Don’t leave potatoes in the sun, or they’ll turn green and produce toxic solanine.

Just be sure not to wait too long to harvest the tubers.  If the ground freezes, it will be almost impossible to dig your potatoes.

After digging up your potatoes, be sure to cover them from sunlight.  Otherwise, they will turn green and may produce solanine (a toxic substance).

Bring your potato tubers indoors to brush the dirt off and cure them before storage.

How To Protect Potato Plants From Frost

It is true that potato plants can survive frost.  However, Mother Nature will sometimes surprise you with a rapid dip in temperatures (colder than the weather forecast called for!)

potato plants
There are a few ways to protect potato plants from frost.

In those cases, it makes sense to protect your potato plants from cold.  Not only will this prevent damage to the leaves and shoots above ground, but it will give the tubers more time to develop.

There are 3 methods that you can use to protect potato plants from frost:

  • Cloche – this is good for younger plants that have just emerged.
  • Row Cover – this is good for larger, more established plants, or for an entire row of plants.
  • Greenhouse – this requires the most work to setup, but it can keep your plants quite a bit warmer than the outside air.

Cloche

A cloche is a clear cover made of plastic or glass.  In a garden, it is used to protect plants from cold, wind, and pests.

A cloche acts as a sort of “mini greenhouse” that traps heat from sunlight.  This warms the air and soil underneath the cloche.

A cloche often has a vent on top to let in fresh air and prevent it from overheating.  Most cloches are meant for a single young plant.

However, you can also find “row cloches” that cover multiple plants.  Another option is to use wire cloches.

These will not protect plants from cold, but you can wrap a frost blanket or row cover over them to provide frost protection.

You can learn more about cloches and how to use them in my article here.

water bottles
You can make a cloche out of the top of a plastic bottle by cutting out the bottom.

Row Cover (Frost Cover)

A row cover is a sheet of lightweight fabric that protects plants from cold, wind, and pests.  A row cover is often made of polyethylene, polyester, or polypropylene.

Row covers vary in thickness, which determines the amount of light that gets through.  Thicker row covers are heavier, but allow less light through and offer more cold protection.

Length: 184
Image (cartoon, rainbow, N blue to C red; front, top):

Depending on the thickness, a row cover can provide 2 to 10 degrees Fahrenheit (1 to 6 degrees Celsius) of cold protection.  Heavyweight row covers are better for protecting plants from hard frost or intense sunlight.

Another advantage of row covers is that you can water through them, since they are water permeable.

Often, a series of half-hoops are used to support a row cover so that it doesn’t come in contact with the plants themselves.

row cover
Half-hoops provide support for row covers to raise them above plants.

You can learn more about row covers and how to use them in my article here.

Greenhouse

A greenhouse is a structure with glass or plastic sides or roofing.  It traps energy from sunlight and warms the air and soil inside the greenhouse.

Some greenhouses have vents to let in air if the temperature inside gets too hot.  Otherwise, you will need to open the door slightly to allow air circulation.

greenhouse
A greenhouse keeps plants warm and can house potato plants for the whole season.

A greenhouse is a good option if you want to keep potato plants warmer throughout the growing season.  This will help you to avoid damage from both spring and fall frost.

In an area with a short growing season, a greenhouse could help you to get a much better harvest.

Conclusion

Now you know about how frost affects potato plants.  You also know how to protect them from cold in the early stages and later in the season.

You might find it helpful to read my article on the best temperature for growing potatoes.

You might also want to learn more about cold protection equipment for plants (and where to find it) in my article here.

You can also learn about which vegetables will survive frost in my article here.

I hope you found this article helpful.  If so, please share it with someone who can use the information.

If you want to read some of my most popular posts, check out the “Best of GreenUpSide” page here.  Enjoy!

~Jonathon

jonathon.david.madore

Hi, I'm Jon. Let's solve your gardening problems, spend more time growing, and get the best harvest every year!